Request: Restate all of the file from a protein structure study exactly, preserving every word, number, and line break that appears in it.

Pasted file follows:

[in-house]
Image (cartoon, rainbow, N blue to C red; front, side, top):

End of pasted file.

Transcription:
[in-house]
Image (cartoon, rainbow, N blue to C red; front, side, top):